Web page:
Bogdan Adam (once named the Most Ginger Goalkeeper ever to have played in England (possibly)) and young Dibusz Denes of Ferencvaros make up the squad. Dibusz made his debut last time out so could start.
No idea what Hegedus Lajos has to do to get a call-up. He is in the form of his life and is without doubt the best goalkeeper in Nemzeti Bajnoksag I (I may be bias).
Seems to be Hungary’s core problems in recent years whether it is a combination of nerves and lack of big match temperament (see the previous 3-0 defeat in Romania at the end of the previous campaign) or lack of technique (see the 8-1 defeat in the Netherlands at the end of the previous campaign).
Big fan of the Dutch sixth goal.
Steady if unspectacular (at this level) Juhasz Roland (Vidi captain) provides one of the centre backs with young Lang Ádám likely to start alongside him. Kadar Tamas (remember him Newcastle fans?) to play on the left. The right back slot is an interesting one. Varga Jozsef excelled at Middlesborough playing right back, but was eventually sold because the manager considered it detrimental to the player’s development to play there long-term. From what I have seen, he plays a holding midfield role at Debrecen and has performed that role for Hungary too. For what it is worth, he has never impressed in the holding role, too often getting caught on the wrong-side. If Jozsi does play in midfield then it will be a toss-up between Fiola ‘not Italian’ Attila and all time good guy Poor Patrick.
If Jozsi starts at right back, then Elek Akos and Tozser Daniel will provide the anchors in midfield. I like Elek from what I have seen of him and an ever more impressive Diosgyor team although he is certainly not going to be a creative powerhouse. Tozser Daniel of Watford provides a little more finesse and also takes a mean free kick if he can ever get the ball out of the hands of…
Dzsudzsak Balazs (captain). He was (and possibly could still have) real talent. He was one Europe young stars at PSV, but followed the money and moved to Anzhi. A brief spell at the clown club that was Anzhi (and a mere eight appearances) saw him move to Dinamo Moscow for reported €19mn and even more of the high life that Moscow offers. Speculation about his commitment to training and passion for fast cars and good times (earning over EUR 2.5mn a year does that to you) has been touted as one reason why he has never hit the top of his game. His desire for Hungary is without doubt though. It would be great to see him play in one of Europe’s big league so that he really can reach his potential. Expect him to start on the wing.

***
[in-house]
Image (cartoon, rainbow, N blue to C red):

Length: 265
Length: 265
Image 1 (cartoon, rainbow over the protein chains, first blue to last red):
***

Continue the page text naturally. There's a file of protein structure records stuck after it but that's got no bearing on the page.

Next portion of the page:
Gera Zoltan will probably take the advanced central position. He was a great player. Now I am not so sure. He has not really done much since his return to Hungary and at the age of 34 (or 35), I think there are better options available to Hungary. Kanta Jozsef for one or even throw the position to one of the young guns such as Kalmar Zsolt or Rado Andras (I think the terrible pitch and teammates did not help him on Sunday when I saw him).
I expect to see Stieber or Lovrencsics on the other wing. To be honest, I know nothing about these guy other than one plays in Hamburg and the other in Poland. Youngsters Gyurcso Adam (not progressed so well) and Simon Kristián (could do well – see the Ujpest preview) may also figure at some point, but doubt that they will start.
Hungary may start with two upfront with Szalai guaranteed to start (since his return from exile (after a falling out with the ex-,ex-manger). If Hungary do go with two up top then either Elek or Tozser will probably drop out (although I would prefer to see Gera gone) and Nikolic (the man who cannot stop scoring except against Kecskemet (haha)) or Priskin will fight it out for the other spot.
Difficult one this. I will go with a scrappy 2-1 with Hungary seeking revenge for the friendly defeat in March this year. Most important thing here is three points. Special shout out for the Ayrshire wizard, Alexei Eremenko. I expect him to slot a consolation free kick following a Nikolic brace.